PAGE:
FIVB Ball Handling Guidelines for Referees:

In accordance with the spirit of international (and USAV) competitions, and to encourage longer rallies and spectacular actions, only the most obvious violations will be whistled. Therefore, when a player is not in a very good position to play the ball, the first referee will be less severe in his/her judgment of ball handling faults. For example:

  • The setter running to play the ball or forced to make a very quick action to reach the ball in order to set.
  • The players are forced to run or make very quick actions to play a ball after it has rebounded from the block or from another player.
  • The first team contact may be freely made except if the player catches or throws the ball.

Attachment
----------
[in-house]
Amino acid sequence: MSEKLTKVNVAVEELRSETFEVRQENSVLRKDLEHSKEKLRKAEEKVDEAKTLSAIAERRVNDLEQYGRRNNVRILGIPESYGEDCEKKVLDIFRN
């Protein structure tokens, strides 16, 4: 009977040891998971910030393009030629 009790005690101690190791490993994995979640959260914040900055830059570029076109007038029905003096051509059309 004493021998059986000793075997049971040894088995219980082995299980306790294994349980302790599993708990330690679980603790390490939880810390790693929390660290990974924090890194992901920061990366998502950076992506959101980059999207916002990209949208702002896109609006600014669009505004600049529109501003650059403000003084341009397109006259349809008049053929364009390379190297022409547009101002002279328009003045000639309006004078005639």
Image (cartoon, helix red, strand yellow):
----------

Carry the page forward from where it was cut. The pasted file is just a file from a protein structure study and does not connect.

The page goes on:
Guidelines for overhand passing ("setting") actions:
  • When the setter is in good position to play the ball, excellent contact is expected (with respect to the level of play).
  • When the setter is running or jumping to get a better position to set the ball, the referee should be less severe in judging contact. (A jump-set does not equate to an automatic "no call" situation.)
  • If the setter, or other player, is not in good position because he/she has not made an appropriate effort to do so, judgment should not be less severe.
Referees must also avoid making "automatic calls". For example:
  • A ball recovered from the net -- the ball often rebounds slowly on these plays, but that does not automatically result in a caught/thrown ball.
  • Plays made from strange body positions.
  • Skills attempted by lesser-skilled players.
  • Referees and participants should recognize that there is no body position or technique that cannot result in a LEGAL contact of the ball.